We provide assistance in getting, keeping, and using government benefits and public assistance such as SNAP (food stamps), SSI, SSDI, Medicaid, Medicare and other health insurances.
Call our Access to Benefits helpline at 888-663-6880 Monday through Friday from 10:00 a.m. to 3:00 p.m.
Many Medicaid recipients who are 65+, and/or who have a disability and receive Medicare, are now able to have higher income and more resources while still qualifying for Medicaid.
HRA may collect overpayments of cash assistance benefits you may have received. HRA recovers these overpayments through a process called recoupment.
The Regular Arrears Supplement (RAS) HEAP benefit is a one-time payment for gas or electric bill arrears. If you are eligible, you can get up to a maximum of $10,000 per household. Benefits are paid directly to the gas and/or electric company. You do not have to repay this benefit.
If you currently reside in a homeless shelter, you may be eligible to have the Human Resources Administration (HRA) pay the fees for your furniture and belongings held in a storage unit.
Here is information on applying for and keeping cash assistance (also known as welfare or public assistance or “PA” or cash assistance or “CA”), Medicaid, and Supplemental Nutrition Assistance Program benefits (SNAP, formerly food stamps). These benefits are available through HRA to persons who are eligible. See below for the steps you can take on your own, and what to do if you need help from The Legal Aid Society.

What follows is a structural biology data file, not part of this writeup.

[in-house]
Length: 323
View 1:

In New York, coverage is available for hormone therapy (including cross-sex hormones and pubertal suppressants), surgeries, and other procedures. To receive coverage, you have to have a diagnosis of gender dysphoria and your doctor’s notification that the treatment you seek is medically necessary. The process can feel complicated and overwhelming, but you are entitled to this coverage. Here’s what you need to know.
An overpayment occurs when the Social Security Administration (SSA) states that you received more social security or SSI benefits than you were supposed to receive. Here’s what you need to know to get the benefits you deserve.
Supplemental Security Income (SSI) is a federal program that pays benefits to adults with disabilities who have limited income and resources, and who have little or no work history.
Adults with a work history might also be eligible for Social Security Disability (SSD). The Social Security Administration (SSA) runs both programs. While there are differences in the two benefits, the rules for being found “disabled” are the same for both. Learn more about eligibility and how the process works below.
Supplemental Security Income (SSI) is a federal program that pays benefits to children and adults with disabilities who have limited income and resources. Learn more about how to apply and how to appeal a denial below.
The justice system can be overwhelming. Get familiar with some legal terms and acronyms you might hear like appeal, adjournment, petition, jurisdiction, deposition, and affidavit.
Last Updated: 9 February 2021
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